- support for a consultation process within the mission that supports and reinforces national ownership of the political processes; utilization of dedicated good offices and technical expertise within the missions to support national political processes;
- existence of clearly defined goals and objectives guided by specific agreed upon milestones towards peacebuilding and sustaining peace;
- periodic strategic and integrated analysis of the opportunities, risks and challenges faced by national and local authorities to build and sustain peace, including challenges related to building and strengthening national capacities to this end;
- progress in and quality of delivering the political and operational aspects of the mission’s mandate in a coherent manner, in coordination with the United Nations Country Team and in cooperation with other relevant international and regional partners, including financial institutions
- clarity on roles and responsibilities of United Nations peacekeeping operations, United Nations country teams and other relevant actors, including entities of the United Nations peacebuilding architecture and the United Nations Agencies, Funds and Programmes for the delivery of prioritized support to a country, consistent with its specific peacebuilding needs and priorities, as outlined by national authorities, in order to ensure effective integration of effort; as well as to support efforts aimed at addressing the root causes of conflict, within their respective mandates;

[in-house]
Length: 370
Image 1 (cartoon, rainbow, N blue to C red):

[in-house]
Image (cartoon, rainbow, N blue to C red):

- existence of an exit strategy that seeks to help lay the foundation for long term and sustainable peace; including through supporting national capacities, with the support, where appropriate, of bilateral, regional and international stakeholders, including international financial institutions.
“The Security Council takes note of the intention expressed by the Secretary-General to conduct reviews of peacekeeping missions, and requests the Secretary-General to reflect, as appropriate, in his relevant reports, analysis of progress made in and recommendations pertaining to the aforementioned elements.”